Morphology, structure and evolution of teeth in fossil and modern odontocetes (Cetacea)


Loch Santos da silva, Carolina


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Cetaceans are unusual mammals that have modified their morphological, physiological and behavioural systems to an aquatic existence. Access to new food sources and ecological niches may have been the trigger for this transition. The skull and feeding apparatus underwent drastic changes from the typical mammalian bauplan. Odontocetes show marked craniofacial changes associated with the ability to echolocate together with the development of elongated rostra and jaws bearing a large, yet simplified dentition. The teeth of odontocete s are peculiar when compared to most mammals, as monophyodonty, homodonty and polydonty are the trend for the group. Teeth have long been used to elucidate aspects of the ecology, functional morphology and systematics of fossil and recent mammal species. The aim of this research was to investigate the morphology, structure and biomechanics of odontocete teeth, in an effort to explore the functional implications and the evolution of the cetacean feeding apparatus. The multidisciplinary approach used here involved morphological description and basic morphometric measurements, as well as more refined techniques such as scanning electron microscopy, nanoindentation testing, geochemical analyses and micro-CT. The focus was in the Delphinida and Platanistoidea, to characterize a formerly speciose clade (Platanistoidea) versus an extant diverse clade (Delphinida). Some archaeocetes and early odontocetes were also analyzed. Results show that there was a high degree of morphological experimentation during the evolution of cetaceans, presumably to explore diverse niches and food sources. A more plastic configuration of the feeding apparatus in delphinoids may have been among the key aspects for the present diversity of the group when compared to a more fixed and conserved morphology in platanistoids and relict extant inioids. The morphological adaptation to an aquatic lifestyle was also reflected in the ultrastructure and mechanical properties of dental tissues in odontocetes. In early cetaceans, enamel was more complex and organized in Hunter-Schreger bands, which suggested a biomechanical adaptation related to food processing. Conversely, most living delphinoids showed a simpler radial or even prismless enamel structure. The lack of occlusion and food processing in most extant Delphinida was also reflected in the hardness and elastic modulus values for dolphin enamel and dentine, which were relatively lower than other mammals. Chemical analyses of odontocete enamel and dentine revealed a conserved tooth chemistry as in many other mammals, with calcium and phosphate being the main components, and minor elements such as magnesium, chlorine, sodium and fluoride. Chemical differences between enamel and dentine evoked different proportions of mineral versus organic content. While Microcomputed tomography was demonstrably useful as a non-destructive method for morphological analysis of extant teeth, it was less so in fossil teeth due to diagenetic alteration. Finally, massive levels of dental erosion, a process resulting in loss of enamel and dentine caused by acid demineralization, was reported and described for some extant delphinids. The multidisciplinary approach of this research allowed a broader characterization of the evolutionary changes and constraints in the structure of the teeth and feeding apparatus of odontocetes, contributing to the understanding of their functional morphology, general biology and evolution.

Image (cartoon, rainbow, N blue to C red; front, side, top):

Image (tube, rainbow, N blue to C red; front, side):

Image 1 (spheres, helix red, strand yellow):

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216 pages


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Loch Santos da silva, Carolina, “Morphology, structure and evolution of teeth in fossil and modern odontocetes (Cetacea),” Otago Geology Theses, accessed May 20, 2024,

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